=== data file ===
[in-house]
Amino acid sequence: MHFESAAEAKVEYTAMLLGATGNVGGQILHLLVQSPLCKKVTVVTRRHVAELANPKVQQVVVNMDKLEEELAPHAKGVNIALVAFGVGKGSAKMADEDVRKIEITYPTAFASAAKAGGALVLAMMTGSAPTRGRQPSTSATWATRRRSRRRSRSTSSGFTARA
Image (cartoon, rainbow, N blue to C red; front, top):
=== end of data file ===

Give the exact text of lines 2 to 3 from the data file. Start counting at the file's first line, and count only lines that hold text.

Amino acid sequence: MHFESAAEAKVEYTAMLLGATGNVGGQILHLLVQSPLCKKVTVVTRRHVAELANPKVQQVVVNMDKLEEELAPHAKGVNIALVAFGVGKGSAKMADEDVRKIEITYPTAFASAAKAGGALVLAMMTGSAPTRGRQPSTSATWATRRRSRRRSRSTSSGFTARA
Image (cartoon, rainbow, N blue to C red; front, top):